Methadone is a synthetic opioid used medically to manage chronic pain, as an analgesic, and as a maintenance anti-addictive medication for use in patients with opioid dependency. It was developed in Germany in 1937 and introduced into the United States in 1947 by Eli Lilly and Company. Today, a number of pharmaceutical companies produce and distribute Methadone. The racemic hydrochloride is the only form available in most countries, such as The Netherlands, Belgium, France and The United States. Covidien is the major racemic producer of Methadone, sells bulk Methadone to producers of generic preparations and distributes its own product in the form of tablets, dispersible tablets and oral concentrate under the brand name “Methadose” in the United States.
Methadone is used in the medical field to help with pain and addiction management, Methadone is classified as a Schedule II Drug in The United States and a Class A substance in the United Kingdom. Methadone treatment is illegal in Russia because health officials are not convinced of the medication’s efficacy in treating pain or in opiate replacement therapy.
Methadone is used medically in tablet form or concentrate form as an analgesic, a reliever of chronic pain, and as a maintenance anti-addictive medication in the treatment of opioid dependence. Oral doses of Methadone can stabilize patients by interrupting opioid withdrawal syndrome. Higher doses of Methadone can block the euphoric effects of Heroin, Morphine, and similar drugs. As a result, properly dosed Methadone patients can reduce or stop their use of these substances altogether.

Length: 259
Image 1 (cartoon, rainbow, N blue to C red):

Methadone linctus, which is about one-third the concentration of the liquid Methadone used for opioid maintenance, is used where available and approved for such use as a cough syrup for violent coughing. Some studies have shown narcotic cough suppressants to be useful against dry, unproductive coughing, but others have shown no benefit.
Additionally, Researchers in Germany have discovered that Methadone has surprising killing power against leukemia cells, including treatment-resistant forms of the cancer. Their laboratory study, published in the August 2008 issue of Cancer Research, a journal of the American Association for Cancer Research, suggests that Methadone shows potential as a new therapy for leukemia, especially in patients whose cancer no longer responds to chemotherapy and radiation.
In Methadone Maintenance Therapy, a form of opiate replacement therapy, Methadone reduces and/or eliminates the use of illicit opiates, the criminality associated with opiate use, and allows patients to improve their health and social productivity. Methadone maintenance indirectly has the potential to reduce the transmission of infectious diseases associated with opiate injection, such as hepatitis and HIV. The principle effects of Methadone maintenance are to relieve narcotic craving, suppress the abstinence syndrome, and block the euphoric effects associated with opiates. Methadone maintenance has been found to be medically safe and non-sedating.